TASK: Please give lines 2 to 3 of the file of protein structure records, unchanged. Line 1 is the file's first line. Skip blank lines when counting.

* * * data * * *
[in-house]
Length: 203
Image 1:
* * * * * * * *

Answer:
Length: 203
Image 1: